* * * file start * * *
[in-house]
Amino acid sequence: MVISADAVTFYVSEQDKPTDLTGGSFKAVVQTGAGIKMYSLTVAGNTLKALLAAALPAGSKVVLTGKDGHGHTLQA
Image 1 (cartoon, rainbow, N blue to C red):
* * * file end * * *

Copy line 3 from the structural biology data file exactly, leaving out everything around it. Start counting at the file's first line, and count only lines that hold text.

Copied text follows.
Image 1 (cartoon, rainbow, N blue to C red):